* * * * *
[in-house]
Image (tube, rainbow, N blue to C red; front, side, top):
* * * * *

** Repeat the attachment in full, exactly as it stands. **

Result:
[in-house]
Image (tube, rainbow, N blue to C red; front, side, top):